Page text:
Kirkus A girl's family life and plantation routines are interrupted when three enslaved boys run away. Most days start the same way: The bell rings, Daddy collects wood, Mama prepares breakfast, they eat together. The narrator's brother, Ben, her parents, and the other slaves go to the fields while the girl stays with the young ones to play. On Wednesday, Ben surprises her with a handmade doll. On Thursday, Ben and his two friends are gone. There are tears; the narrator's parents are beaten, and other slaves look mad or sad. On Friday, the girl cannot eat or talk. On Saturday, there are horses and dogs; Ben's friends have been caught, but there is no sign of Ben. "Out comes the whip. / All night we cry and pray for Ben." On Sunday, Big Sam preaches near the creek, "of being free. / We sing. / We hope. / We pray / Ben made it. / Free like the birds. / Free like Moses. / No more bells." The final spread shows the girl looking out, with the single word "Monday" and a bird flying away on the endpaper. The richly textured paintings make masterful use of light and space to create the narrator's world and interior life, from the glimmer of dawn as her father chops wood to her mother's fatigue and her own knowing eyes. Ransome's free-verse text is as accomplished as his glowing acrylics.With spare text and gorgeous illustrations, this work represents a unique and engaging perspective on enslaved families. (author's note) (Picture book. 4-8) Copyright Kirkus Reviews, used with permission.

Copyright Kirkus Reviews, used with permission.

Book list *Starred Review* Every dawn begins the same for the enslaved family of four featured in this book: The bell rings, / and no sun in the sky. / Daddy gathers wood. / Mama cooks. / We eat. The father, mother, and son go to work in the fields, while the daughter spends her days with the younger children. One morning, her brother presents his sister with a handmade doll, a kiss, and a good-bye. The next day, the family discovers that Ben has run away. Tears, fear, and sorrow overtake the family as they wonder about the fate of their beloved son and brother. Beautifully rendered acrylic paintings reveal the closeness of the family, whose pleasure at being together is evident. The richly colored vignettes in Coretta Scott King Award-winning Ransome's single- and double-page-spread paintings clearly picture the emotions felt by the family and the day-to-day monotony of their lives. Swallows are seen flying on the endpapers and over the Sunday prayer gathering, signaling the freedom the family hopes Ben has achieved. The last illustration shows the girl looking at the detested bell, leaving readers to wonder if she is thinking of the day she might choose to run away also. A powerful tale of slavery and its two terrible options: stay or run.--Maryann Owen Copyright 2018 Booklist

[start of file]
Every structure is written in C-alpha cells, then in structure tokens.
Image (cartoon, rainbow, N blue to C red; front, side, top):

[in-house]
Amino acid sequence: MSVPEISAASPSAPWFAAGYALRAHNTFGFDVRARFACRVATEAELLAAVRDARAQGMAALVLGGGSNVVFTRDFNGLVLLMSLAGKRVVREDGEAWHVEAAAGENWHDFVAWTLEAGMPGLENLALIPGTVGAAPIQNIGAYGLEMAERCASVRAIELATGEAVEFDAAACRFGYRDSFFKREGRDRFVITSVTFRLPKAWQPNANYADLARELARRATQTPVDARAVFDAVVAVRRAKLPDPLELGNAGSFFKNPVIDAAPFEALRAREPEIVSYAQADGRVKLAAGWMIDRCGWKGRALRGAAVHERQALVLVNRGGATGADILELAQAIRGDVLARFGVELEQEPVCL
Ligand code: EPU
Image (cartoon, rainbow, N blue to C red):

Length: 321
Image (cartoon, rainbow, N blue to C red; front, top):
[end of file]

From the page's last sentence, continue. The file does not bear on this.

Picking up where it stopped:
From Booklist, Copyright American Library Association. Used with permission.

Horn Book Using deceptively simple, repetitive verse, an enslaved girl narrates her family's daily plantation activities over a week, every morning beginning with the bell ringing--until Thursday when her brother runs away. The author communicates the complex emotions of individuals fleeing enslavement and the aftermath for those left behind. Through lush watercolors that expertly frame and highlight the characters, the reader is drawn into scenes of tenderness, joy, terror, and despair. (c) Copyright 2019. The Horn Book, Inc., a wholly owned subsidiary of Media Source, Inc. No redistribution permitted.

(c) Copyright The Horn Book, Inc., a wholly owned subsidiary of Media Source, Inc. No redistribution permitted.

Publishers Weekly Bold, painterly spreads by Ransome (Before She Was Harriet) give shape to the lives of a slave family whose days are ruled by the overseer's bell. On Monday, "The bell rings,/ and no sun in the sky./ Daddy gathers wood./ Mama cooks." Daddy; Mama; their son, Ben; and the narrator, Ben's little sister, sit close and share a meal. On Wednesday, Ben gives his sister a kiss and a handmade doll, whispering "Good-bye" before walking away with two companions. Thursday, the family realizes that Ben is really gone. "Overseer comes/ to our cabin./ Then dogs come./ Overseer hits Mama,/ then Daddy." The other boys are found, but not Ben: "We pray/ Ben made it./ Free like the birds." In an image of startling force, a flying swallow is seen darting off the last, blank page. Stories about escaping slaves often follow the journeys of those leaving; this one imagines what life was like for a family left behind. The recurring image of the bell throughout each day underscores the way slaves' lives were continually regimented and surveilled. Ransome's gracefully sculpted figures give Ben's family heroic stature; his story makes their hunger for freedom palpable. Ages 4-8. (Jan.) Copyright PWxyz, LLC. All rights reserved.